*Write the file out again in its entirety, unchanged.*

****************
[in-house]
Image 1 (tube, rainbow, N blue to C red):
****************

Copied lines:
[in-house]
Image 1 (tube, rainbow, N blue to C red):